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Kings-Blackhawks Preview: A Few Notes On The Kings' Defense

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Since we last met the Chicago Blackhawks...

IN: Brandon Bollig, Andrew Shaw

OUT: Jonathan Toews is still recovering, though close to return. Steve Montador (concussion), Dan Carcillo (ACL), and Sami Lepisto (leg) are also out.

Brunette-Kane-Hossa
Sharp-Kruger-Stalberg
Bickell-Bolland-Shaw
Hayes-Mayers-Bollig

Keith-Seabrook
Leddy-Oduya
Olsen-Hjalmarsson

In net: Emery over Crawford.

The big story of the Wings game was defensive breakdowns. I can't remember being pissed off at the final four minutes of any game since...well, a year ago.

That shouldn't make us forget, however, that the Kings have been so excellent at hanging onto one-goal leads all season, and that the defense has been solid on the whole. After the Johnson trade, now is a good time to look at the different assignments each defenseman gets.

For level of competition, I used Corsi Rel. QoC. The higher the number, the tougher the opponents.

O-zone start percentage tells us how often a player is sent out for faceoffs in the offensive versus the defensive zone. (Shutdown defensemen like Greene typically have a low o-zone percentage; puckmovers generally get more opportunities.)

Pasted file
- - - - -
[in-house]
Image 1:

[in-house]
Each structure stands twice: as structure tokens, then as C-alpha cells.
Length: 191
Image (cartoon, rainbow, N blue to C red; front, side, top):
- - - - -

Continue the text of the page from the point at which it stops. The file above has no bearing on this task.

Kings_d_comp_and_zone_starts_medium

(click chart to enlarge)

-Drew Doughty takes on the toughest opponents at even strength, followed by his partner Scuderi. Mitchell's position comes from having split time as the partner of both Voynov and Doughty.

-Doughty's tough assignments allow the team to shelter Voynov and Martinez. Both benefit from facing easier opponents, as well as being sent out for fewer defensive-zone faceoffs.

-Before the trade, Johnson was fourth in competition (near Mitchell), and had similar zone starts to Doughty. As Voynov gains experience, he should eventually be trusted more often in those situations.

-All three of our young puckmovers have very good plus-minus for shots, even after adjusting for zone-starts.

In short, whatever our frustrations may be after a bad game, we should remember that we have the makings of a great defensive corps, one that we can expect to improve with time and hard-won experience. They've tweaked the system looking for balance. Hesitation, miscues, fatigue, and plain old mistakes can happen. The only thing left to do is to turn the page, and build on it.

They enter this game with a tough row to hoe against Chicago, but a win would put the Kings right back in the mix for a playoff spot. Can they balance offense and defense, aggression and discipline? Whatever happens, I'm looking for a hell of fight.